Journey for Justice
Written by Aaron Shuman, Carlos Mauricio, and Nancy Keiler   
Monday, 20 February 2006
How to support a speaking tour or organize one of your own. Journey for JusticeThe Journey for Justice—a caravan led by Salvadoran torture survivor Carlos Mauricio from the Bay Area to the protests at Fort Benning, Georgia—is an event we look forward to. Getting in a van and taking off across the country for nearly two weeks of speaking events does several things:  it renews our spirits; it grounds us in the history of the 1980s sanctuary movement (which often gives us a place to stay and a warm meal on the road); it enables us to restore old organizing ties and to create new ones; it makes us more effective, by generating direct feedback on how we present our message to stop torture; and most importantly, it builds power for SOA Watch, by inspiring movement veterans, attracting new activists, and supporting the growth of chapters. The record crowds at this year’s protests, fed by ten caravans that converged on Fort Benning, is testament to the power of this model of organizing.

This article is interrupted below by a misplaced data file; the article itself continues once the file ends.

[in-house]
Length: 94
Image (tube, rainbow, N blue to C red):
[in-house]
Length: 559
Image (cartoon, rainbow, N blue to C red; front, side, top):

We offer the following article, with practical tips we have developed through two years of trial and error, to challenge you to work directly with torture survivors and to support a caravan stop in your town.    

If you were at Fort Benning this year and saw the puppetistas’ performance on the life and trials of Carlos and his co-plaintiffs Neris Gonzalez and Juan Romagoza, then you know that their story is a deeply moving one. Taking it on the road makes the point that people targeted for state repression and violence (such as Carlos) are not voiceless; some survive to speak in their own voices and to lead the fight for justice. Figuring out how to support this struggle and to win is one of the greatest challenges SOA Watch faces as a North American-based solidarity movement.

Right now as we sit here, someone is being kidnapped,” Carlos said recently over coffee. “My story is becoming universal; it’s particular to me, but not special.

Carlos MauricioOne thing we heard time and time again on the road is that people wanted us to connect the dots between U.S. state support for torture in Latin America and the torture scandals breaking daily in Guantanamo, Afghanistan, and Iraq; unfortunately, the December stories reporting U.S.-backed death squads and secret prisons operating torture camps in Iraq—see Democracy Now’s December 1 interview with Arun Gupta for an excellent example—make this easy.